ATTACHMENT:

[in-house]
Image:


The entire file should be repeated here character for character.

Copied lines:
[in-house]
Image: